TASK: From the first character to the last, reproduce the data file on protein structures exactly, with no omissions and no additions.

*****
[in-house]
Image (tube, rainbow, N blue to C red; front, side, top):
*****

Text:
[in-house]
Image (tube, rainbow, N blue to C red; front, side, top):